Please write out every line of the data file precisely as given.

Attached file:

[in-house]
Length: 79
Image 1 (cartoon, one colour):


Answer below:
[in-house]
Length: 79
Image 1 (cartoon, one colour):